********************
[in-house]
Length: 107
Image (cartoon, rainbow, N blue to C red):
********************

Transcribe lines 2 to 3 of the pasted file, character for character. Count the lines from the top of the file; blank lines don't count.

Length: 107
Image (cartoon, rainbow, N blue to C red):